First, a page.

Apple's big education announcement may be January 19th in New York City, but that doesn't mean Apple is the only company innovating in the educational space. University of Michigan professor Perry Samson has developed an iPad app called LectureTools that Samson hopes can turn laptops and iPads from a way to distract bored students into an interactive learning tool that keeps them engaged.
The Chronicle of Higher Education explains:
For the app to be fully utilized, all of the students and the professor would need either an iPad or a laptop loaded with the software as they sit in the classroom. Then the instructor could use the iPad app to present slides that would show up on every student’s screen and allow any student in the room to annotate the slides or ask a question. For instance, students could highlight points on a map using their iPads, and the group of responses would be visible—anonymously—to the entire class. Mr. Samson said the app freed him from the podium.
The app tracks students classroom participation, something Samson says could be used to spot early warning signs in students who may be having difficulty with the material. 20 classes are using LectureTools at the University of Michigan, but it's also being used at Ohio State and Michigan State.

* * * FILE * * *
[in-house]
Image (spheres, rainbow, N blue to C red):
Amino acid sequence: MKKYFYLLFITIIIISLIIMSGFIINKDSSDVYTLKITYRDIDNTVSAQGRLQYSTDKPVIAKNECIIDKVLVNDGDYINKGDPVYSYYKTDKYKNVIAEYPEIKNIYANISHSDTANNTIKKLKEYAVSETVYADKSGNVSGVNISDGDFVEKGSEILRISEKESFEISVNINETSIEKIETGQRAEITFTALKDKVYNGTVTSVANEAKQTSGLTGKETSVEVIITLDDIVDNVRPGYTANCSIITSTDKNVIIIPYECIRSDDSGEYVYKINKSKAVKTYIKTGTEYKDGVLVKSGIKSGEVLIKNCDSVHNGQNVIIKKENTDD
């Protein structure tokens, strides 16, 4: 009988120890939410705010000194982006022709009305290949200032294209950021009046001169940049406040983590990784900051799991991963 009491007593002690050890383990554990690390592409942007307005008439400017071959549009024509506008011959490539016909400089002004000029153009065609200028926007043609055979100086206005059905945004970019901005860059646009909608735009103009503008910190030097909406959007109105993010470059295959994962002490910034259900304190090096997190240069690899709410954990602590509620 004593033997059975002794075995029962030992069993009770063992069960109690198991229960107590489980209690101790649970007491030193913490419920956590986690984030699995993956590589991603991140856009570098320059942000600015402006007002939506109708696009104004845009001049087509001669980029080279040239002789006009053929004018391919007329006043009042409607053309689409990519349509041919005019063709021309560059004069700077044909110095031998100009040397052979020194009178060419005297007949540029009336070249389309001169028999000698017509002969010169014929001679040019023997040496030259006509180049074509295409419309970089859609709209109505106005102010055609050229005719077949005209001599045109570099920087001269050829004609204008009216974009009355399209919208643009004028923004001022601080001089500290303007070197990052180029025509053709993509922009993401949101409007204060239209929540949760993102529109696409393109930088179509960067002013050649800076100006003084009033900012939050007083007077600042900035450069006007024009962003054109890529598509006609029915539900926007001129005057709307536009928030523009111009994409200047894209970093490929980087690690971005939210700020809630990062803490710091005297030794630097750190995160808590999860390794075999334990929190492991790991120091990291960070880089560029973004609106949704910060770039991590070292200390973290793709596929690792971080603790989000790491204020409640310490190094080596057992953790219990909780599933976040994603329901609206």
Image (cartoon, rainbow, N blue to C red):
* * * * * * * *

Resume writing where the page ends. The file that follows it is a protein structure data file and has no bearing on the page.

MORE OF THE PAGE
Top Rated Comments
For the record (as the "Professor" in the story) I have described how I teach class with my iPad + laptop at http://www.sageonstage.com (http://www.sageonstage.com). I can draw on my slides, the students can draw on my slides but only on their own copy using LectureTools (http://www.lecturetools.com).
Students without iPads can use laptops. Students without laptops can text in their answers to questions on a cell phone. Students without cell phones, laptops or iPads (or who choose not to bring them) can hand in their answers on paper and I can credit their effort.
Not every student has the $500 textbook for the class.
Oh wait, yes they do, because it's a listed required material.
The same person will pay for the iPad as the person who paid for the textbook, be it scholarship money, the student themselves, or the parent.
I'd like to know the answer to that question as well.